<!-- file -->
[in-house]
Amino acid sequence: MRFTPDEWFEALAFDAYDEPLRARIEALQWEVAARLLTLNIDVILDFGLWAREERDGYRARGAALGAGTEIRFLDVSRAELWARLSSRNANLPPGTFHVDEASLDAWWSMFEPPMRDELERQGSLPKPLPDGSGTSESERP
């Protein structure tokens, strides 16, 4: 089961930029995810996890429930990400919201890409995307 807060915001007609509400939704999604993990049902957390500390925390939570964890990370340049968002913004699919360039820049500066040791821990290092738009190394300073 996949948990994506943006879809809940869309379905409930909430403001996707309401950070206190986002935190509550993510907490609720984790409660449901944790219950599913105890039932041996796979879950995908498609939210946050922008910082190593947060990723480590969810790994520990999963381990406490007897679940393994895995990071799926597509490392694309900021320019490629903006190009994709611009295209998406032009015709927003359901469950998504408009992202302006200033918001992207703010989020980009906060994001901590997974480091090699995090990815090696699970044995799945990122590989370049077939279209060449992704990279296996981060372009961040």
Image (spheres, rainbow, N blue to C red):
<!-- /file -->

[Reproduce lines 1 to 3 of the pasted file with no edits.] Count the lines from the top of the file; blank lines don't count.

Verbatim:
[in-house]
Amino acid sequence: MRFTPDEWFEALAFDAYDEPLRARIEALQWEVAARLLTLNIDVILDFGLWAREERDGYRARGAALGAGTEIRFLDVSRAELWARLSSRNANLPPGTFHVDEASLDAWWSMFEPPMRDELERQGSLPKPLPDGSGTSESERP
């Protein structure tokens, strides 16, 4: 089961930029995810996890429930990400919201890409995307 807060915001007609509400939704999604993990049902957390500390925390939570964890990370340049968002913004699919360039820049500066040791821990290092738009190394300073 996949948990994506943006879809809940869309379905409930909430403001996707309401950070206190986002935190509550993510907490609720984790409660449901944790219950599913105890039932041996796979879950995908498609939210946050922008910082190593947060990723480590969810790994520990999963381990406490007897679940393994895995990071799926597509490392694309900021320019490629903006190009994709611009295209998406032009015709927003359901469950998504408009992202302006200033918001992207703010989020980009906060994001901590997974480091090699995090990815090696699970044995799945990122590989370049077939279209060449992704990279296996981060372009961040």